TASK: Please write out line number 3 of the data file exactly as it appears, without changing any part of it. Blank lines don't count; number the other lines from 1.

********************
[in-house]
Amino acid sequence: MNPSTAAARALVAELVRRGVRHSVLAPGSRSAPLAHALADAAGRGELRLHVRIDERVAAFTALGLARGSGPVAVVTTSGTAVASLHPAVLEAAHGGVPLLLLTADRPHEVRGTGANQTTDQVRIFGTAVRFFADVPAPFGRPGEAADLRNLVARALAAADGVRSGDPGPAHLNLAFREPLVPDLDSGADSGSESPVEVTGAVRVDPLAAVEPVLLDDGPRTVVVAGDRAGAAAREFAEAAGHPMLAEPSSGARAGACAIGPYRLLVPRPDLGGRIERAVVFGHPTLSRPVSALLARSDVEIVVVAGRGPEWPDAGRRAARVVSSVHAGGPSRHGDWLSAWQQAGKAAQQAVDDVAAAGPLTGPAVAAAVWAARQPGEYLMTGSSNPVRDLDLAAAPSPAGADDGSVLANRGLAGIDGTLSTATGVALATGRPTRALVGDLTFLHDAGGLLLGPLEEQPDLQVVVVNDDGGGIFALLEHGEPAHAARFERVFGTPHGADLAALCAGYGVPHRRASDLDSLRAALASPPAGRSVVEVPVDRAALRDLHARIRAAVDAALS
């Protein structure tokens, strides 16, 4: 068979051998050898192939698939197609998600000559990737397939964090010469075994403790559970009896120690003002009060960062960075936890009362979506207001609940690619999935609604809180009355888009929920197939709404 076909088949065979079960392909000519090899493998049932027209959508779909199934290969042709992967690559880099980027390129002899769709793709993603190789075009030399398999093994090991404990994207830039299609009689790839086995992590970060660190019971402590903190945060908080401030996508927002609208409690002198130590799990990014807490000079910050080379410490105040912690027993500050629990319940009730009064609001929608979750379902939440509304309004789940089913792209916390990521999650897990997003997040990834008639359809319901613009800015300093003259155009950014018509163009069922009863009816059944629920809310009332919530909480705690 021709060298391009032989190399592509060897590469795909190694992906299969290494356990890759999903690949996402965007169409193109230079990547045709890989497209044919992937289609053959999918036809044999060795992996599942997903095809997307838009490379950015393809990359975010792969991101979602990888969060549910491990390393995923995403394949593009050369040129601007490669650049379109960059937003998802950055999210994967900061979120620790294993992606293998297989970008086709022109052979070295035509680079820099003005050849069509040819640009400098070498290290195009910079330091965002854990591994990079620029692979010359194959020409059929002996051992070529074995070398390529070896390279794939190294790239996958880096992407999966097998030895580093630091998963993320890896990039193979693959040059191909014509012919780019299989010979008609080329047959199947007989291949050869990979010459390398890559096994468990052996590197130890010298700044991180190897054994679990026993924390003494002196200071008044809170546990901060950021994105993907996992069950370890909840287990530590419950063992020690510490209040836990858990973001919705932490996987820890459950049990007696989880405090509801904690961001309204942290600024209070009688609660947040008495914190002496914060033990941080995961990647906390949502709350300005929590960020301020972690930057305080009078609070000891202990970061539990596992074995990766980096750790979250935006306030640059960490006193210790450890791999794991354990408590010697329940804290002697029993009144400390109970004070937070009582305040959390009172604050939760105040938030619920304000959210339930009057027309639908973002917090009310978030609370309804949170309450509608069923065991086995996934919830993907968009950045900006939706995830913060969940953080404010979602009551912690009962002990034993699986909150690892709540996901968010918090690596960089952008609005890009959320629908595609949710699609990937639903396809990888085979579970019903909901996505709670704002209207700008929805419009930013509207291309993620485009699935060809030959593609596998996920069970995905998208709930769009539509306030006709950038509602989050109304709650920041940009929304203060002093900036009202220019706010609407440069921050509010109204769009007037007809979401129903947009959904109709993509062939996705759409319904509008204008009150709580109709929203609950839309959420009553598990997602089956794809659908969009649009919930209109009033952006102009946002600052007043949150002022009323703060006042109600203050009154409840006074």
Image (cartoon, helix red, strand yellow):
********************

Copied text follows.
């Protein structure tokens, strides 16, 4: 068979051998050898192939698939197609998600000559990737397939964090010469075994403790559970009896120690003002009060960062960075936890009362979506207001609940690619999935609604809180009355888009929920197939709404 076909088949065979079960392909000519090899493998049932027209959508779909199934290969042709992967690559880099980027390129002899769709793709993603190789075009030399398999093994090991404990994207830039299609009689790839086995992590970060660190019971402590903190945060908080401030996508927002609208409690002198130590799990990014807490000079910050080379410490105040912690027993500050629990319940009730009064609001929608979750379902939440509304309004789940089913792209916390990521999650897990997003997040990834008639359809319901613009800015300093003259155009950014018509163009069922009863009816059944629920809310009332919530909480705690 021709060298391009032989190399592509060897590469795909190694992906299969290494356990890759999903690949996402965007169409193109230079990547045709890989497209044919992937289609053959999918036809044999060795992996599942997903095809997307838009490379950015393809990359975010792969991101979602990888969060549910491990390393995923995403394949593009050369040129601007490669650049379109960059937003998802950055999210994967900061979120620790294993992606293998297989970008086709022109052979070295035509680079820099003005050849069509040819640009400098070498290290195009910079330091965002854990591994990079620029692979010359194959020409059929002996051992070529074995070398390529070896390279794939190294790239996958880096992407999966097998030895580093630091998963993320890896990039193979693959040059191909014509012919780019299989010979008609080329047959199947007989291949050869990979010459390398890559096994468990052996590197130890010298700044991180190897054994679990026993924390003494002196200071008044809170546990901060950021994105993907996992069950370890909840287990530590419950063992020690510490209040836990858990973001919705932490996987820890459950049990007696989880405090509801904690961001309204942290600024209070009688609660947040008495914190002496914060033990941080995961990647906390949502709350300005929590960020301020972690930057305080009078609070000891202990970061539990596992074995990766980096750790979250935006306030640059960490006193210790450890791999794991354990408590010697329940804290002697029993009144400390109970004070937070009582305040959390009172604050939760105040938030619920304000959210339930009057027309639908973002917090009310978030609370309804949170309450509608069923065991086995996934919830993907968009950045900006939706995830913060969940953080404010979602009551912690009962002990034993699986909150690892709540996901968010918090690596960089952008609005890009959320629908595609949710699609990937639903396809990888085979579970019903909901996505709670704002209207700008929805419009930013509207291309993620485009699935060809030959593609596998996920069970995905998208709930769009539509306030006709950038509602989050109304709650920041940009929304203060002093900036009202220019706010609407440069921050509010109204769009007037007809979401129903947009959904109709993509062939996705759409319904509008204008009150709580109709929203609950839309959420009553598990997602089956794809659908969009649009919930209109009033952006102009946002600052007043949150002022009323703060006042109600203050009154409840006074």